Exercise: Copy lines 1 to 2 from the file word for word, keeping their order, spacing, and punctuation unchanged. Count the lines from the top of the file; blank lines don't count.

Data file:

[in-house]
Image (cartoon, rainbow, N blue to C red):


[in-house]
Image (cartoon, rainbow, N blue to C red):